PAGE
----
There is a sad reality in the world of fashion. Many of the designer clothes for sale in malls across the world are made by underpaid workers, in unsafe conditions, who do not make a profit from our “50% off” sales purchases.

Worse still are the diamonds, mined by slaves of war that adorn thousands of painted, manicured, and moisturized hands.

These are realities that came to the surface for many consumers in the last decade, and despite the loud cries for justice, magazine and news reports, and even Hollywood declaring how blind society is to these injustices-  it has never been easier to wear black-market shades and forget.

There is a song about this.

Psalms 73 (MSG)

“No doubt about it! God is good—
good to good people, good to the good-hearted. 

But I nearly missed it,
missed seeing his goodness.

I was looking the other way, looking up to the people

At the top,
envying the wicked who have it made,

Who have nothing to worry about,
not a care in the whole wide world.

Pretentious with arrogance, they wear the latest fashions in violence…”

It is so easy to see the latest fashions and trends in clothing, music, and movies, watch the glamour of fortune and to feel envy.  Why are they living gloriously wicked lives, and getting away with it!?  In the humdrum of everyday survival it seems near impossible to catch a break sometimes, so it is easy to justify arrogance, and comfort oneself with the pride of life.

Questions to ask oneself:

Do I envy or resent the fortune of the corrupt?  

Do I realize there are people who may envy me? 

Looking at the world and how it gets away with injustice, observing the top one percent hoarding wealth by controlling minds, neglecting lives, and abusing power…it can lead one to say like the psalmist…

“What’s going on here? Is God out to lunch?
    Nobody’s tending the store.
The wicked get by with everything;
    they have it made, piling up riches.
I’ve been stupid to play by the rules;
    what has it gotten me?
A long run of bad luck, that’s what—
    a slap in the face every time I walk out the door.”

It hurts seeing hard work wasted.  Hope is deferred, when the careless seem to have more success.  But the song doesn’t end there…

“If I’d have given in and talked like this,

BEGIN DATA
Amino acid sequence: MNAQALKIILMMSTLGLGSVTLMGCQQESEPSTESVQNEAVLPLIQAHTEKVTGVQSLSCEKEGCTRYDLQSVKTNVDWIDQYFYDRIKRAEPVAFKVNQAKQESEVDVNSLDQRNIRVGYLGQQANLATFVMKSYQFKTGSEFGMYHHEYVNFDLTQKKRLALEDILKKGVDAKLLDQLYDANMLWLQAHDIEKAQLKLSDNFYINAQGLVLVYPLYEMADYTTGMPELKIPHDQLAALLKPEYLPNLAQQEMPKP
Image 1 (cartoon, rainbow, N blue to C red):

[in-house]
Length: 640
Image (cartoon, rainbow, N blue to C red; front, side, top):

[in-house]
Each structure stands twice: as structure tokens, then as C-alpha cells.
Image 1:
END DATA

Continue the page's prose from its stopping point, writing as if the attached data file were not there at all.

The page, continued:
I would have betrayed your dear children.

Still, when I tried to figure it out,
 all I got was a splitting headache . . .

Until I entered the sanctuary of God. Then I saw the whole picture:

   The slippery road you’ve put them on,
 with a final crash in a ditch of delusions.

In the blink of an eye, disaster!
    A blind curve in the dark, and—nightmare!

We wake up and rub our eyes. . . . Nothing.
There’s nothing to them. And there never was.

When I was beleaguered and bitter,
 totally consumed by envy,
I was totally ignorant, a dumb ox in your very presence.

I’m still in your presence,
 but you’ve taken my hand.

You wisely and tenderly lead me,
 and then you bless me.”

Is it really in a felt presence, in tender hands that one sees truth, one is led, blessed, and protected?  A king once said,

“Consider the lilies of the field and how they grow. They do not work or weave or sew, and yet their garments are stunning. Even King Solomon, dressed in his most regal garb, was not as lovely as these lilies.”

And think about grassy fields—the grasses are here now, but they will be dead by winter. And yet God adorns them so radiantly. How much more will He clothe you, you of little faith, you who have no trust? 

So do not consume yourselves with questions: What will we eat? What will we drink? What will we wear?”  (Matt. 6 The Voice)

The end of the seventy-third psalm is a response worthy of meditation.

“You’re all I want in heaven! You’re all I want on earth!

When my skin sags and my bones get brittle,
 God is rock-firm and faithful.

Look! Those who left you are falling apart!

Deserters, they’ll never be heard from again.  But I’m in the very presence of God—

    oh, how refreshing it is!
I’ve made Lord God my home.

  God, I’m telling the world what you do!”